Have we considered what effect the call had upon Kate and William? I have of course heard reports that Prince Charles laughed it off (prior to the death of Ms Saldanha). With respect, I suspect that was a savvy ‘public relations’ approach. William shared some of his mother’s (Diana, Princess Of Wales) suffering from overbearing publicity and scrutiny. Kate is an expectant mother. Shocks and stress can affect the welfare of the unborn. Need I say more?

In my view, the call was demonstrative of a lack of respect for people to whom respect should be shown. Besides being royal (and I am not a monarchist by the way; my preference is for a shamanic theocracy), the couple have many positive traits and seem generally quite normal – they certainly do not need ‘bringing down a peg or two’. This lack of respect is an increasing problem in society today and we will continue to reap the unpleasant side effects of it. Ideally, community leaders (including radio stations) should set a good example.

Personally, I object to such a phone call being called a joke or prank. To me it was an invasion of privacy of a serious nature.  I cannot reconcile the making and publication of such a phone call with kindness. Too often ‘I was only joking’ is used as an inappropriate excuse.

Some might accuse me of not having a sense of humor. That’s just it. This type of call is not humor. It’s a hurtful invasion of privacy. In this particular case it appears as if it has also been the catalyst for the death of a caring soul.

(People who know me well say that I have a good sense of humor, a dry sense of humor and are aware that I once won a Mr Bean look-alike competition – my hair and underpants were different in those days).

Should we ‘blame’ the Australian DJs for the death of  Jacintha Saldanha?

  • People have varied opinions about this.
  • There are reports that the two DJs have been deeply affected. The DJs will of course have to live with it for the rest of their lives.

– Instead, I would rather focus on what we can learn from this situation.

If we can grow as people, and as a community, then the death of  Jacintha Saldanha can at least have helped the world in some way.

I for one will use it as a catalyst for deepening my consideration and awareness of the effects of my actions upon other people.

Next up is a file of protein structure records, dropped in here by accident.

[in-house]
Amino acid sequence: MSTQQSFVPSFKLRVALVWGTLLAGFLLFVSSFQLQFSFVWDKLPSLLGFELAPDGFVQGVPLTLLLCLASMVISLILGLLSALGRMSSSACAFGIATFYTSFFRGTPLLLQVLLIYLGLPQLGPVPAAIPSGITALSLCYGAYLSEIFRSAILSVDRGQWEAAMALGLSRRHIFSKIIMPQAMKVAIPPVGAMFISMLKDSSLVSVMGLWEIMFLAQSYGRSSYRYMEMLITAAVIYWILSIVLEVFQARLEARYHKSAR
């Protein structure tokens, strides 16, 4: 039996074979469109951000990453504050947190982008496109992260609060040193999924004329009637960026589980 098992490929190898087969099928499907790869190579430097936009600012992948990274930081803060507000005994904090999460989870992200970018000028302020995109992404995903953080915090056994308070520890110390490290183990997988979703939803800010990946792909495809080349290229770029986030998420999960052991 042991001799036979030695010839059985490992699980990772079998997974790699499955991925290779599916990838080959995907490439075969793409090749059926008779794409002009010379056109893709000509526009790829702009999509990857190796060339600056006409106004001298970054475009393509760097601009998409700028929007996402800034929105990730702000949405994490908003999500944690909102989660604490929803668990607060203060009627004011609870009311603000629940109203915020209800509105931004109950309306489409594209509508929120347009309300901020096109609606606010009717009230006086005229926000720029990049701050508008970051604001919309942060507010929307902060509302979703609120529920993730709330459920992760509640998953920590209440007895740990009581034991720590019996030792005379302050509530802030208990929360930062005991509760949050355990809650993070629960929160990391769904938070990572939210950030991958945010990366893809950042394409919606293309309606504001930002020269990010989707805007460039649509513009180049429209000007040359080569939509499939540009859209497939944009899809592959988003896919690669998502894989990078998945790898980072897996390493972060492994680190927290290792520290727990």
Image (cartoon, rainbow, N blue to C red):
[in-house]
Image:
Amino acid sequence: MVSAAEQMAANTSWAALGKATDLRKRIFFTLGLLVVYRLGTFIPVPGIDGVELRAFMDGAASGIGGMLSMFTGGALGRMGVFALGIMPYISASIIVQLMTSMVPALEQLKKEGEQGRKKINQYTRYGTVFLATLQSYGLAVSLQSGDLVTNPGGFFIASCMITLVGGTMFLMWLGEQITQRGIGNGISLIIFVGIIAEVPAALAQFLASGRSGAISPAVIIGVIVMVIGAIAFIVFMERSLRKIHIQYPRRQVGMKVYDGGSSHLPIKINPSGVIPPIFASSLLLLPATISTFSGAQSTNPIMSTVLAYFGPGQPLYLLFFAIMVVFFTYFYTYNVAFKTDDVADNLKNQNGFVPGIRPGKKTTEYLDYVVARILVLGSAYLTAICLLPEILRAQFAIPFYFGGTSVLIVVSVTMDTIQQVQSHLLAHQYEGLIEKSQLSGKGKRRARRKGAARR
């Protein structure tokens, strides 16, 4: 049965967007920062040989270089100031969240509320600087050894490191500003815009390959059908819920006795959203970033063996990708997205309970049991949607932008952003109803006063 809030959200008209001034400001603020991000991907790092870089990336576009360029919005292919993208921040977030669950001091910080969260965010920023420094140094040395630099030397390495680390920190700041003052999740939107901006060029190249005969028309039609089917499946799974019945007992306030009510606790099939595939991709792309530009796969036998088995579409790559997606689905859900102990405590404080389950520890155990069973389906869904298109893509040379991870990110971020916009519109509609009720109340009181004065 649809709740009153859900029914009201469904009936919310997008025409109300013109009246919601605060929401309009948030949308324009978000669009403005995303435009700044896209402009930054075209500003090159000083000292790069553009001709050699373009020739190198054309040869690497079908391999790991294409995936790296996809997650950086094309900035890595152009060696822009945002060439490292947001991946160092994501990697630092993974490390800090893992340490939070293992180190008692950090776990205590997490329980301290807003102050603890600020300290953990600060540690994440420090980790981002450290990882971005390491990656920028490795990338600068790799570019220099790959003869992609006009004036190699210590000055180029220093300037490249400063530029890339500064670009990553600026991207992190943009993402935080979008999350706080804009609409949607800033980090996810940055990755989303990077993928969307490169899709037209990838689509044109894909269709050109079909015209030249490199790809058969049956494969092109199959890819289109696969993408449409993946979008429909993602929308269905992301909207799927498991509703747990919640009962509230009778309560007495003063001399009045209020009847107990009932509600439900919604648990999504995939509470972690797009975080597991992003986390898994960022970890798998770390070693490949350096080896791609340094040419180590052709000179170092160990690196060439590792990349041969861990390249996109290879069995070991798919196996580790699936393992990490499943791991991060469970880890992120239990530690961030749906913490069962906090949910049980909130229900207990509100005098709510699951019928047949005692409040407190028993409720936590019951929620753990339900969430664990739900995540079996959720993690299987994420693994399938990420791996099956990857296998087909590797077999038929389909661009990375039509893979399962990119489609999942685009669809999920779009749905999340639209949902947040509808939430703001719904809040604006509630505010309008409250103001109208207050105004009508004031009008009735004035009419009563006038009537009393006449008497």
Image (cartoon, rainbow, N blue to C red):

While it is true that people are personally responsible for how they think about circumstances (more on this in later articles), being able to ‘walk’ that is difficult for most. We need to bear that in mind.

Thinking more carefully, kindly, forgivingly and lovingly is always a good thing. For me, that will be the legacy of this sad situation and the death of Jacintha Saldanha. May she rest in peace.

More information:

‘I am devastated with the loss of my beloved Jacintha’: Husband of nurse who fell victim to radio prank reveals his heartbreak over her death

Radio boss Rhys Holleran says 2DayFM presenters Mel Greig and Michael Christian did nothing wrong

Pictured: Proud family photo showing tragic hoax nurse with her beloved husband

‘They’re on a witch-hunt’: Australian media accuses UK press of playing ‘blame game’ following Royal hoax call nurse’s death

‘Was she a mother?’ Tearful Australian DJ behind fatal hoax call reveals first thought on hearing of nurse’s death as pranksters break cover to say ‘we’re sorry’

More than two thirds of Australians don’t think DJs were to blame for nurse’s death, new poll reveals

Australian prank DJs interview: Do spare us the self-pity, Sheila, says Richard Littlejohn | Mail Online

Royal hoax call nurse Jacintha Saldanha left a note for her family: Husband demanding answers from hospital

Australian radio station cancels Christmas party and vows to donate half a million dollars to family of nurse who died after taking hoax call

Hoax call nurse ‘left suicide note criticising senior hospital staff over her treatment in days leading up to her death’

Tragic suicide note to DJs written by nurse after royal hoax call: I hold you responsible

Here is an article which illustrates the sanctity of medical information. I quote: “”Medical information theft is the fastest growing area of cybercrime in Australia,” Dr Fernando said. Her research centres on medical and information security.”

 

“Our ultimate freedom is the right and power to decide how anybody or anything outside ourselves will affect us.”
— Stephen Covey